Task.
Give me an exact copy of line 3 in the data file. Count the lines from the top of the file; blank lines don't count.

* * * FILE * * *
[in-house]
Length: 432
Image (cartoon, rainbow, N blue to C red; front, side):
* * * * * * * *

Image (cartoon, rainbow, N blue to C red; front, side):